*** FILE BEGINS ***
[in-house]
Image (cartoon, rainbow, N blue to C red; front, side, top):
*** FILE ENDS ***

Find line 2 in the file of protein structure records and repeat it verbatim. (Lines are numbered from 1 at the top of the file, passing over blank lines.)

Image (cartoon, rainbow, N blue to C red; front, side, top):